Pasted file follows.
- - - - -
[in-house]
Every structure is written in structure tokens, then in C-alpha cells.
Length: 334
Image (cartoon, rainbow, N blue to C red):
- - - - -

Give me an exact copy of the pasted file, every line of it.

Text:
[in-house]
Every structure is written in structure tokens, then in C-alpha cells.
Length: 334
Image (cartoon, rainbow, N blue to C red):